If you feed raw food especially with raw and meaty bones that they can really gnaw on, then this action keeps teeth fairly free of the normal build of plaque, gum infections, and tartar. Avoid the large marrowbones especially if they are sawn lengthways as these can break and damage teeth especially the upper carnassials, that is the three pointed teeth that can split and get infected.

One of the downsides of a raw meaty bones diet is the incisors will start to wear down quicker, even more reason to keep away from those large marrow bones. Use chicken or turkey carcasses and necks, lamb necks and ribs are also good.

Hair Skin and Coat

As in humans the hair and skin can give an indication of age. Greying round the muzzle and round the top of the head can indicate onset of middle to old age, but be aware that some breeds grey far earlier than others. Reddish, yellow, or gold colour dogs often go white at the top of their head and their muzzle in late middle to old age.

The skin loses its elasticity and becomes dryer and the dog will generally lose muscle tone as it reaches old age. This will be more apparent if the dog has not been regularly exercised or the diet is of poor quality. The fur may become coarser and drier without the sheen of health and youth. Though once again neutering can coarsen the coat.


There is something called lenticular sclerosis that can affect many dogs. It normally starts between six and eight years of age depending on size and breed. This condition is often mistaken for cataracts especially in the later stages. Dogs do get cataracts but sclerosis is far more common and can be an indicator of a dog’s age.

The early onset of this can be distinguished by thin lines across the lens of the eyes, later on say aged eight the pupil will start to get a slight grey, white, or bluish tinge. This does not affect the vision until the dog becomes very old. It is not treatable though it is worth making sure it is not cataracts as these can be removed and therefore treated.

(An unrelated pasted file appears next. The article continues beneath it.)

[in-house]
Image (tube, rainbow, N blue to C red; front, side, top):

General Abilities

If your rescue dog is slow and sleeps more than he is awake then he is probably in late middle to old age. Arthritis, incontinence and weight gain can also be an indicator of old age. A bad odour that does not appear to go away even after washing is also an indicator of dogs past their middle age and moving into old age. The ability to jump into cars, stiffness, and joint pain though not totally the domain of old age can also be an indicator. Hearing can deteriorate in the later years though the dogs sense of smell rarely declines to any serious extent.

The best you can really expect when trying to age your dog is an approximation, there are just too many variables and of course the size and breed of the dog will skew the results.

Points to Consider

Female dogs of the same breed tend to live one or even a couple of years longer than male dogs. Smaller dogs can live to almost twice the age of the giant breeds. Neutered dogs live slightly longer the un-neutered dogs. However do not neuter your dog until it has achieved physical and social maturity or you may cause serious behavioural and even physical problems. See Spaying and Neutering

Protecting Your Senior Dog’s Paws in Winter

Health Care for Older Dogs

Dog Food – A Healthy Alternative